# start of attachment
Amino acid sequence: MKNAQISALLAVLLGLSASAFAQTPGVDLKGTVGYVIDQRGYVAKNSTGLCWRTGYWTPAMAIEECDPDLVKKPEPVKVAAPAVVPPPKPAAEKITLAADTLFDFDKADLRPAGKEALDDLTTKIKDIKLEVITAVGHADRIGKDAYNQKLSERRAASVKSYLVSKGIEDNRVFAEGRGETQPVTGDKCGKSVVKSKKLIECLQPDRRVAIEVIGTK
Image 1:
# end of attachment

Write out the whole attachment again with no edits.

Amino acid sequence: MKNAQISALLAVLLGLSASAFAQTPGVDLKGTVGYVIDQRGYVAKNSTGLCWRTGYWTPAMAIEECDPDLVKKPEPVKVAAPAVVPPPKPAAEKITLAADTLFDFDKADLRPAGKEALDDLTTKIKDIKLEVITAVGHADRIGKDAYNQKLSERRAASVKSYLVSKGIEDNRVFAEGRGETQPVTGDKCGKSVVKSKKLIECLQPDRRVAIEVIGTK
Image 1: